¶ 15 Landmark brought this action to recover taxes Landmark buyers had paid to the District and to enjoin the future levying of taxes pursuant to TABOR. Landmark asserted that TABOR and related statutes had been violated in several ways: (1) the bond and tax election had been illegally conducted because (a) the organizers' option contracts were a sham and (b) the Landmark buyers had not been allowed to participate in the election; (2) the District had improperly disbursed bond funds for the benefit of Mr. Davidson; (3) the District set the property tax levy for debt service at a mill levy level higher than that allowed by the service plan or otherwise allowed by law; and (4) the District had made the bonds subject to a net effective interest rate higher than the limit set in the service plan. Landmark also asserted that (5) taxing the Landmark buyers violated their constitutional right to due process because the improvements funded by the bonds provided no benefit to Landmark property.

¶ 16 The district court ruled in Landmark's favor on contentions (2), (3), and (5); ordered the District to refund Landmark buyers the portion of the misused bond funds that the Landmark buyers had paid; ordered the District to refund Landmark buyers the property taxes collected in excess of the mill levy limit set in the service plan; and enjoined the District from levying further illegal taxes on Landmark. The court ruled in the District's favor on contentions (1) and (4).

¶ 17 The district court subsequently held a TABOR refund hearing and approved the District's proposed refund plan. At the refund hearing, Landmark brought two additional claims against the District, Bondshares, and UMB, which the district court denied. The district court later denied Bondshares' and UMB's motion for an award of costs as the prevailing parties on Landmark's additional claims.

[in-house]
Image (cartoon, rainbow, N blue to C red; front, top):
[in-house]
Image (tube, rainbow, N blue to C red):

¶ 18 On appeal, defendants contend that we should reverse the district court's orders for the following reasons: (1) Landmark's challenge to the bond and tax election is untimely under section 11-57-212, C.R.S. 2015; (2) the district court erred in entering an injunction based on a finding of a due process violation because the court erroneously applied special assessment law to the District's ad valorem property tax; (3) the District's property tax mill levy does not exceed that allowed by TABOR and applicable statutes; (4) the misuse of the bond funds did not violate TABOR because TABOR does not apply to bond proceeds; (5) the court's injunction violates the Uniform Taxation Clause; and (6) the FDIC (which now owns the European Village property) is an indispensable party and should have been joined. Bondshares and UMB also contend that (7) they were the prevailing parties on two of Landmark's claims and thus should have been awarded costs.

¶ 19 Landmark cross-appeals the district court's order on liability, contending that the TABOR election was illegal and thus the bonds and taxes approved in the election are void.

¶ 20 We agree with Landmark. We address and reject defendants' first and sixth contentions and Bondshares' and UMB's contention regarding costs. Because of our disposition of Landmark's cross-appeal, we need not address defendants' second, third, fourth, and fifth contentions.

II. Defendants' Appeal

A. Timeliness of Landmark's Challenge

¶ 21 Defendants contend that all of Landmark's challenges to the validity of the taxes are barred by the thirty day time limit in section 11-57-212. We conclude that defendants waived this issue.

1. Standard of Review

¶ 22 Defendants' contention presents issues of statutory construction. We review such issues de novo. Beren v. Beren, 2015 CO 29, ¶ 11.

2. Analysis

ΒΆ 23 Section 11-57-212 ...